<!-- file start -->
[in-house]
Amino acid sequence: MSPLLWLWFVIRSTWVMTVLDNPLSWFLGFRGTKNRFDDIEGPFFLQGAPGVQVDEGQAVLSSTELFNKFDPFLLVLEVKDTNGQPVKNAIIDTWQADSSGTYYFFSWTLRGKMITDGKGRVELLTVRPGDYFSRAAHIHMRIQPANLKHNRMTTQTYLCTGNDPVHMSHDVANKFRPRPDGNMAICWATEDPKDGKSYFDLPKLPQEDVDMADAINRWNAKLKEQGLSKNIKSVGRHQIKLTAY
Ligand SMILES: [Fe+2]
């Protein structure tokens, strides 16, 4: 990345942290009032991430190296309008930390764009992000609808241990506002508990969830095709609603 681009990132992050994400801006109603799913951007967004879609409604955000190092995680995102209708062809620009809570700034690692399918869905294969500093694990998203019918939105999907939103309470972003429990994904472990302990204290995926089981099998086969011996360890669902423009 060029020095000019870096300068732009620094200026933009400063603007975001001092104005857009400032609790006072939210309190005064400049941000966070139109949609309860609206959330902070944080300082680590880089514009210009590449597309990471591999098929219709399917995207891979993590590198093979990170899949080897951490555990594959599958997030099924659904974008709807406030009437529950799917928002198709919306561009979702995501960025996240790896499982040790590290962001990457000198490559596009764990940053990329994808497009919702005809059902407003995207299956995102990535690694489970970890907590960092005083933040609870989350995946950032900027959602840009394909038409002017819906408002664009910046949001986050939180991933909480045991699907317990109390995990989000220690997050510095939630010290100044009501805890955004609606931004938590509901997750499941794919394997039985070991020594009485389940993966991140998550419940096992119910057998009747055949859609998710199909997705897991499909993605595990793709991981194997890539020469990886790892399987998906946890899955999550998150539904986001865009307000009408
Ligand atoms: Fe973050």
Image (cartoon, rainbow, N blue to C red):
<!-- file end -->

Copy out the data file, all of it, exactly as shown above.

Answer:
[in-house]
Amino acid sequence: MSPLLWLWFVIRSTWVMTVLDNPLSWFLGFRGTKNRFDDIEGPFFLQGAPGVQVDEGQAVLSSTELFNKFDPFLLVLEVKDTNGQPVKNAIIDTWQADSSGTYYFFSWTLRGKMITDGKGRVELLTVRPGDYFSRAAHIHMRIQPANLKHNRMTTQTYLCTGNDPVHMSHDVANKFRPRPDGNMAICWATEDPKDGKSYFDLPKLPQEDVDMADAINRWNAKLKEQGLSKNIKSVGRHQIKLTAY
Ligand SMILES: [Fe+2]
């Protein structure tokens, strides 16, 4: 990345942290009032991430190296309008930390764009992000609808241990506002508990969830095709609603 681009990132992050994400801006109603799913951007967004879609409604955000190092995680995102209708062809620009809570700034690692399918869905294969500093694990998203019918939105999907939103309470972003429990994904472990302990204290995926089981099998086969011996360890669902423009 060029020095000019870096300068732009620094200026933009400063603007975001001092104005857009400032609790006072939210309190005064400049941000966070139109949609309860609206959330902070944080300082680590880089514009210009590449597309990471591999098929219709399917995207891979993590590198093979990170899949080897951490555990594959599958997030099924659904974008709807406030009437529950799917928002198709919306561009979702995501960025996240790896499982040790590290962001990457000198490559596009764990940053990329994808497009919702005809059902407003995207299956995102990535690694489970970890907590960092005083933040609870989350995946950032900027959602840009394909038409002017819906408002664009910046949001986050939180991933909480045991699907317990109390995990989000220690997050510095939630010290100044009501805890955004609606931004938590509901997750499941794919394997039985070991020594009485389940993966991140998550419940096992119910057998009747055949859609998710199909997705897991499909993605595990793709991981194997890539020469990886790892399987998906946890899955999550998150539904986001865009307000009408
Ligand atoms: Fe973050």
Image (cartoon, rainbow, N blue to C red):